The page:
Opinion

10 steps we could take to reduce jail deaths

Family looks for answers in Carteret County jail death

The family of Patrick O'Malley wonders why he was held in a restraining chair for nine hours while he was under arrest in the Carteret County jail in 2015. He was found dead in the jail after the incident. A state report shows he was held too lo
Up Next
The family of Patrick O'Malley wonders why he was held in a restraining chair for nine hours while he was under arrest in the Carteret County jail in 2015. He was found dead in the jail after the incident. A state report shows he was held too lo

Todd Lamont Caveness died two years ago after spending three weeks in the Wilson County jail. State law requires jails to provide a written report within five days of an inmate death.

So why didn't the jail file a report on Caveness' death within five days? Because he didn't die in the jail; he died two days after being taken from the jail to the hospital. His death was from a blood clot in his lungs caused by dehydration and malnutrition; he had refused to eat or drink in the jail, fearing someone would poison him.

It was the kind of death that the state Department of Health and Human Services would investigate to see if the jail followed state regulations for supervising inmates. And the department did investigate — but only after local news reports revealed Caveness' death and the state asked the jail to file a report. The state found the jail had not checked on Caveness in accordance with state regulations.

The News & Observer's Dan Kane and David Raynor reported on Caveness' death last year as part of their report "Jailed to Death." In the previous five years, 51 jail inmates died after lapses in supervision; that's one out of three inmate deaths during that time.



No state or federal agency knows exactly how many inmates die each year in North Carolina’s 113 jails, the N&O’s review showed. That needs to be fixed. At the least, the state needs more information, which in itself could improve jailers' vigilance. But legislators have made little progress in the nine months since the 51 deaths were revealed.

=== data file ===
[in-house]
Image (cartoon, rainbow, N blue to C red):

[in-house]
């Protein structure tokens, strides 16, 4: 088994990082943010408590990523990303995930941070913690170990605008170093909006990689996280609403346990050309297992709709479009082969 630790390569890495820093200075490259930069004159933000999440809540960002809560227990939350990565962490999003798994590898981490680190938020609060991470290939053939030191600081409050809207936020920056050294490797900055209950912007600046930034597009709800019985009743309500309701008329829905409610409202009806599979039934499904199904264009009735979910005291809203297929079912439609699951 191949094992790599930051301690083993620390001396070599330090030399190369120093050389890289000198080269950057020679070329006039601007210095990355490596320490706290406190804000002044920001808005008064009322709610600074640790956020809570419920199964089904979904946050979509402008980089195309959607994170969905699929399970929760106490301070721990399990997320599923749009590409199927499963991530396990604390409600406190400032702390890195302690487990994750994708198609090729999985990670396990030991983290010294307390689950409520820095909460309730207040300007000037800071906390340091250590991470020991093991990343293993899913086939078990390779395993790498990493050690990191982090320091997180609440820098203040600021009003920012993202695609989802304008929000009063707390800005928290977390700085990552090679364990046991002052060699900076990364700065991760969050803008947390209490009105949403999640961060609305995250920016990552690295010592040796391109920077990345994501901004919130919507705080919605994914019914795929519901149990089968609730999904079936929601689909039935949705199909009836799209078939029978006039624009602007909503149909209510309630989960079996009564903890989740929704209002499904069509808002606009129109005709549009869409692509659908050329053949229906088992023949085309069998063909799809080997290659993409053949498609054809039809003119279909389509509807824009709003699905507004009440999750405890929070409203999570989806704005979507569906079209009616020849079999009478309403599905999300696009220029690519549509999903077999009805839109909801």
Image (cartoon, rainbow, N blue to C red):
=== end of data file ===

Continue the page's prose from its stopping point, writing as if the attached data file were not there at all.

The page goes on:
Senate leader Phil Berger was among the legislators who found the number of supervision failures troubling. But lawmakers on a legislative oversight committee that looked into jail deaths didn't address the issue.



Rep. Donny Lambeth, R-Forsyth, and co-chair of the oversight committee, said recently he was unaware of the high percentage of supervision failures tied to inmate deaths. He said he wanted to learn more. "Sounds like we didn't ask the right questions," he said. Indeed.

Now that the legislature is back in session, here are some steps it should take to reduce the number of unsupervised jail deaths:


Close the loophole and require jails to file a report when an inmate dies in the jail, en route to a hospital or at the hospital.


Require DHHS to file an annual report on the number of jail deaths and how many involved lack of supervision.


Require that families be notified when the state determines there was a lack of supervision.


Make clear that jail infirmaries are not medical facilities, as one judge claimed so that a jail could shield details of a death settlement.

Make clear that private medical providers working as contractors in jails should not be allowed to keep secret settlements.

Provide penalties for repeat violators. When jails repeatedly get caught failing to properly supervise inmates, the result shouldn't be a letter from the state seeking corrective action.

Make SBI investigations into jail deaths public, and give the agency more authority to charge when there are clear cases of negligence, recklessness or malfeasance. Give more authority to DHHS to call in the SBI to assist with investigations.



Provide guidelines for the proper level of staffing. Some law enforcement officials think many county jails are understaffed. There are no guidelines for staff-inmate ratios.


Fund up-to-date video and monitoring equipment. The state will have a surplus of $350 million in this budget year. For a small fraction of that amount, each jail in the state could have modern surveillance equipment.


Divert those with mental illness and drug addiction for treatment. This is the toughest challenge, as our jails are filled with people who should receive psychiatric or drug treatment or both. Alamance County recently announced it would create a center for mentally ill people who might otherwise wind up in jail. The state should see what can be learned from this program.


Sen. Berger said last year of the jail deaths: "“It’s something that should not occur, certainly at that level." Since the beginning of last year, 21 inmates have died after supervision lapses, some of them after The N&O report. It's time for the legislature to act.


  Comments